Ireland is famous for the forty shades of green of its rain-blessed countryside. There's even a song about it. So the idea of a BlueGrass music festival in County Limerick, one of Ireland's greenest parts, sounded like a bit of an anomaly.
But when it's Michael Hehir who mentions it to you, then you do pay attention because this famous former landlord of The Lamb Pub in London's Bloomsbury always delivers. No sooner do we say, "Yes, we will be there," than he is on the phone and the room is booked at the Old Bank in Bruff.
The basically-just-a-main-street town of Bruff cannot compare with Wexford with its famous Opera Festival, Kerry's Rose of Tralee weekend or Galway's Oyster Festival. But this has not deterred the town fathers, Michael included, who are determined to put Bruff, just 20 kilometres south of Limerick,on the Irish events' map.
Blue Grass is a genre of Country & Western, hill-billy music from the Appalacian mountains, Kentucky and harks back to the music brought by the Irish and Scottish immigrants. For the nerds, it is distinguished from other C&W by the jazz influence in that each member of the group gets to play his/her own solo. Also the instruments should be Guitar, Bass, Banjo, Mandolin and Violin. No drums or piano.
Its Bruff, its Friday October 1, and its 10 pm. Its Clancy's Bar and it's the Festival headlining the Niall Toner Band. Now Niall is one very smooth, if by this stage a bit sweaty dude. Niall is an experience radio broadcaster and he is not exactly happy to be playing in a pub where the patrons are at least as interested in what they are saying as what he is playing.
He should be happy that at least two of the patrons are wearing sub-genre C&W/poor-man's cowboy hats, also apart from the noisy foursome, there are a number of less-than-nubile female groupies hanging on his every note.
Because of apparently endless pints of the black stuff, we emerge into Saturday wondering how Friday night ended. Pretty sure we had a good time and finally enjoyed the music. Have vague recollection of earnest conversation with Niall about how he got interested in Blue Grass. Sadly no specific recall of what seemed at the time a fascinating conversation but seems it was something to do with influences while growing up. No surprise there, then!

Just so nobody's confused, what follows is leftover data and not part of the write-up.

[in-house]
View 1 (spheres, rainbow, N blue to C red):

Saturday starts with a less-than-relaxed Old Bank proprietor Miriam telling us that she has been up since one o'clock in the morning with her youngest baby. So banter today just delicately ask for coffee and the "full Irish breakfast please", which is accompanied by delicious home cooked brown bread. Companions Tim and Diane, Julian and Bridget also swore by the fresh scones.
"You missed the picking session", we are told on our return from Limerick town on Saturday evening. "What is a picking session," we dared to ask. Seems its the Blue Grass equivalent of a jam session in jazz parlance or a "lets all sit around and play music" session in Irish or other folk-music terms.
We did not miss the picking session at Clancys Bar on Sunday, it was fabulous to hear eight or ten musicians, including one seven-year-old boy, playing just for their own enjoyment. No amplifiers to destroy the purity of the sound of the instrument or our pleasure.
Once plucked apart and restored to their original ensemble, Woodbine, Southern Welfare Band, Sullivan Brothers Band, plus Bending the Strings and Southern Bluegrass Union perform from early afternoon in Clancys Bar, Derry's Bar and Clarkes Bar until ways past even my bedtime.
The huge enthusiasm and clear love of BlueGrass music of the groups, the enthusiasm of the audiences and the pleasure of the locals in seeing you there make it a great weekend.
Oh, and by the way, I found out how it is possible for grass to be blue. Seems its a type of grass found in Kentucky whose flower heads are blue when the plant is allowed to grow to its natural height of two to three feet.
Of course with the drive and enthusiasm of the people of Bruff, they will never let the grass grow under their feet!
Yee Ha Bruff